She acts like she doesn’t have a conscience, but maybe she does. There’s a slight horror aspect to the movie in her paranoia about all this catching up to her. She hears strange sounds in the night, loses things as if they were stolen, finds symbols she interprets as threats, at one point hears a woman screaming, and does try to go to her to help, but finds nothing, and it’s never explained. There’s an even weirder scene where she’s chased by a dog. It’s an unlikely combination of elements that somehow fit together perfectly.

She has very little empathy. She seems utterly disgusted by her neighbor, a woman taking care of her ailing mother, and can’t hide her terror when she’s dragged over to help lift her after a fall. Soon after she’s leaving and sees the old woman being carried down the stairs in a body bag. She makes long eye contact with the daughter but can’t muster a single word to say, and runs off.

There’s a notorious review of TÁR by a writer who assumed Lydia Tár was a real person, and reportedly that’s a fairly widespread phenomenon. I figure a biopic wouldn’t open with a giant info dump explaining all her achievements like this, but then again, a biopic would be called TÁR. Since she’s not a real person it kinda works against marketing because when I started hearing it at first I didn’t know what the hell it was. Am I supposed to know what TÁR means? And is it not pronounced TAR? But when you get to know the character and her self importance you realize it’s a good title, and near the end of the movie you find out more information that explains why it’s the perfect title. I love that – a title with more meaning than you realize at first.

This has been called a movie about so-called cancel culture, a description that’s not wrong, but doesn’t accurately convey its complexity or priorities. I don’t think it’s an issue movie, unless the issue is showing that people and their lives are complicated and hard to boil down into issues. I don’t interpret it to have a moral or an argument directly for or against the various ideas associated with the “cancel culture” topic. It just follows a character who is very talented and also very flawed, and her talent has allowed her to get away with some things, but now attitudes are changing so the jig is up. But she’s still alive and she’s still an artist so she tries to continue how she can.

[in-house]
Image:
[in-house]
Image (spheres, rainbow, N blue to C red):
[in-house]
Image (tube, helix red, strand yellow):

I didn’t like Lydia. I didn’t hate her. I found her fascinating, and she made me laugh, the way she forces in her little references and jokes in that voice that tells you how witty and cutting she thinks they are even though at least half the time I don’t follow. (In the class when she makes an aside about Edgard Varèse saying something about Jews and then Jerry Goldsmith ripping him off in his PLANET OF THE APES score, does she honestly think one person in there knows what the fuck she’s going on about, or is she just talking to herself?) She’s both a genius and a total, empty phony. It’s a sad and deeply uncomfortable story, but it’s so good and ends on such a wry and unexpected punchline that I couldn’t help but feel invigorated by it.

In the Q&A at the beginning of the movie Lydia talks about conductors controlling the rhythm and build of a symphony, knowing exactly when and where they will end up. Later she watches a treasured VHS tape of Leonard Bernstein saying that music expresses emotions that there are no words for. If Field thought of these things as parallels to directing movies that might be pretty pretentious, but also I think a fair description of what he accomplishes here. TÁR is one of those movies where I enjoy the entire experience of watching it but have little idea where it’s going or what it’s getting at. But at the end it all accumulates into something true and funny and hard not to keep thinking about. It’s a great movie.


But not too great for a sequel. Lydia likes to keep in shape by jogging, and she even has heavy bags at her place for punching, so it’s pretty clear how TÁR TWÖ could take the character to interesting new places. (SPOILERS FOR TÁR 1.) It picks up a year or so after the first film. Lydia’s career in video game music has pretty much run dry. But a video of her punching out Elliot at the live recording recirculates and goes viral, leading to new notoriety among Gen-Zers and speculation about her fighting skills. Yes, much as the UNDISPUTED sequels switched up from boxing to mixed martial arts, TÁR TWÖ trades the world of classical music for that of illegal underground combat sports. Still in the Philippines, she tracks down an elusive master to train her in the martial art Arnis (also known as Kali or Eskrima) to prepare for a tournament, and when that’s not enough she returns to Berlin and the derelict apartments, where she faces and ultimately befriends that dog that chased her. I don’t know if she takes on any young students, I hope she behaves herself. Maybe she’s forced to have Max as her manager, a mismatched buddy movie? I’m still working on it.


If you want to read a way smarter review than mine (but with less speculation about DTV sequel possibilities) check out this Zadie Smith piece from the New York Review. My friend sent this to me and I made the mistake of reading it before I was done with mine and now I feel inadequate. Something I’d already written about the Juilliard scene is similar to a point she made much better, but I left it in because I thought it was important.